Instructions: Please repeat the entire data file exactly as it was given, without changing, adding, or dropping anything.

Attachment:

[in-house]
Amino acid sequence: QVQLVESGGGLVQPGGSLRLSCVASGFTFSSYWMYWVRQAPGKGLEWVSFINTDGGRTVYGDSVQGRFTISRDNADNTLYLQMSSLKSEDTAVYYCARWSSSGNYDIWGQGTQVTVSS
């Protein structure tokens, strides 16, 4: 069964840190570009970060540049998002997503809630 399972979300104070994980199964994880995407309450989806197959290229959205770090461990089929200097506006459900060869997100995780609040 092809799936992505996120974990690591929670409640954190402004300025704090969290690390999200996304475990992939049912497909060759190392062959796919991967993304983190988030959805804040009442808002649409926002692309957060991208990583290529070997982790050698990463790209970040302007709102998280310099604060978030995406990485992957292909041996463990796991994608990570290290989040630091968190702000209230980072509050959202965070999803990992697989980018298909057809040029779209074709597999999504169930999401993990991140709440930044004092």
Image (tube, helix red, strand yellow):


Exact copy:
[in-house]
Amino acid sequence: QVQLVESGGGLVQPGGSLRLSCVASGFTFSSYWMYWVRQAPGKGLEWVSFINTDGGRTVYGDSVQGRFTISRDNADNTLYLQMSSLKSEDTAVYYCARWSSSGNYDIWGQGTQVTVSS
């Protein structure tokens, strides 16, 4: 069964840190570009970060540049998002997503809630 399972979300104070994980199964994880995407309450989806197959290229959205770090461990089929200097506006459900060869997100995780609040 092809799936992505996120974990690591929670409640954190402004300025704090969290690390999200996304475990992939049912497909060759190392062959796919991967993304983190988030959805804040009442808002649409926002692309957060991208990583290529070997982790050698990463790209970040302007709102998280310099604060978030995406990485992957292909041996463990796991994608990570290290989040630091968190702000209230980072509050959202965070999803990992697989980018298909057809040029779209074709597999999504169930999401993990991140709440930044004092």
Image (tube, helix red, strand yellow):